Solarix Wants To Be A Scary Deus Ex, But Something's Missing

Illustration for article titled Solarix Wants To Be A Scary Deus Ex, But Something's Missing

Should I care about Solarix? Yes and no. I really love what Solarix tries to achieve—a new game in the mold of the original Deus Ex or System Shock 2—but it lacks their spirit, their soul.


What’s it about? Here’s a general overview of the game, via its Steam page:

“Solarix is a science-fiction stealth-horror game featuring open-ended levels for both combative and stealth-focused playstyles. Solarix combines old-school sci-fi horror with modern style and graphics. The story follows an electrical engineer desperately fighting for his life after an infection wipes out an interstellar research station. He must contain the disease, battling both the remnants of the crew and his own fracturing mind. Our goal is to go beyond jumpscares and cheap thrills. Solarix is about a world that overpowers you with unease, insecurity, and desperation, forcing you to confront your own role in the horrors to come.”

You can watch me play a bit of it here:

Why is (or isn’t it) cool? When it’s at its best, it really does feel like an old-school horror-tinged stealth-’em-up—except, you know, wicked pretty. But after I got comfortable in my space sneakers, I realized that each stomping step carried with it a certain hollowness. The story, while creepy and well-acted, leaned on tired tropes. It felt a bit too inspired by games like System Shock. On top of that, levels used old-school game design techniques as a crutch rather than an appeal, leading to areas that didn’t make a whole lot of intuitive sense (get the first key from an objective, the other is in a random box or some shit I guess). And instead of allowing for Deus-Ex-style limit-ignoring freedom, Solarix reveled in arbitrary invisible barriers and things of that sort. Basically, it wanted the player to be a little clever, but punished me for being too clever. Deus Ex: Invisible Wall, I’ve taken to calling it.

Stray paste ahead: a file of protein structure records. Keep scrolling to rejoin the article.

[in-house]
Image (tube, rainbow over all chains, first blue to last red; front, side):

Also, the stealth—enemy patterns and AI, your options in each scenario—struck me as pretty basic. When you can shoot out a light over a guard and they don’t even react with a Metal Gear courtesy “whatwassat,” you’ve got a problem. They’re also functionally blind unless you’re standing directly in front of them. And yet, if they hear a single non-crouched footstep, they act like you’re detonating nuclear bombs between your toes.

Illustration for article titled Solarix Wants To Be A Scary Deus Ex, But Something's Missing

Yikes. So it’s terrible? Not terrible per se. Just flawed. I did not have a bad time during my few hours with it! I just never had a great time either. I kept having flashbacks to moments in Deus Ex and System Shock and realizing that, while Solarix was prettier, it wasn’t better—or even close to as good.

Should I buy it (even though there are a million-billion other Steam games I could spend my money on)? Only if you’re really hankering for an old-school-style stealth-action game and have replayed all the classics too recently for another replay to sound appealing. In fairness, Solarix is only $20, so you could do a whole, whole lot worse. But you could also do a lot better, so maybe wait for a Steam sale.


Steam’s new release section is chaos. Steam Snapshot is a regular feature in which I post my brief impressions of a new Steam game in hopes of letting you know, as quickly and succinctly as possible, if it’s worth your time/money.

To contact the author of this post, write to or find him on Twitter @vahn16.


Kyle Daniel

Hurray for lean keys, thanks robo jesus!